For the last few years, Scott, along with many other Brooklynites, has been fighting against an unlawful, amoral and unconstitutional land grab in downtown Brooklyn by real estate developer Bruce Ratner. Using—or rather, abusing—the government’s power of eminent domain, the development corporation is seizing people’s property in order to put up condominiums and an arena for the NBA’s New Jersey Nets. The basketball arena is simply bait to get political cover for the luxury condominium development. It is as clear abuse of eminent domain as can be imagined, yet the politically connected developers have gotten their way. In their way, among other holdouts, is Freddy’s Bar. Scott’s been busy doing walkathons, holding benefit concerts and doing whatever else he can to support Develop Don’t Destroy Brooklyn. Being a sports fan, he even started his own group called Fans for Fair Play to protest the scheme and others like it.

At the end of January, Rocky Sullivan’s Pub Quiz enthusiasts got an email message from Scott they’d never expected. “My last Rocky Sullivan's Pub Quiz will be Thursday, February 4,” it said in the message. “I'm heading to Seattle, Washington, home of corporations that make jets, sell books, brew coffee, book travel and record rock bands. Also, the home of Ebbets Field Flannels, a company that researches, designs, manufactures and sells historic sports clothing. I'll be working there doing everything under the vintage sun. It's sorta right down one of my two alleys. The other alley is music. Seattle's a good place for me to get back into writing, producing and playing the songs I've put aside for the last several years.”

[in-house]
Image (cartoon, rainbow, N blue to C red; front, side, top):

I went to Scott’s last show at Freddy’s, a site of many of his finest shows both as a solo artist and as a member of the Spunk Lads. It was much fun, with Scott playing some songs with opening act Neil deMause, including a funny song about baseball legend Doc Ellis. As always, it was great fun, but it was also sad. This was Scott’s last time playing music in a place that was full of great memories. Everyone there was a better person for having known him, and we all knew we could never repay him.

Scott’s last night in Brooklyn was spent doing what he loves best: making music and visiting with friends. Rocky Sullivan’s, where Scott had served as quizmaster and had performed as a musician, hosted a farewell party for him. Scott played as part of a traditional Irish music trio and then played a few of his own songs. He also kept busy saying goodbye to well wishers. It was a night of long goodbyes.

At the end of the night, he was good enough to give me a lift to the A train, one last time. “People need to have more adventure,” he told me. “And I don’t mean the Errol Flynn swashbuckling type. I mean getting out of your own skin, going for things.” Scott has made his life an adventure. While his friends in New York miss him already, we’re comforted in the knowledge that we are all richer for knowing him.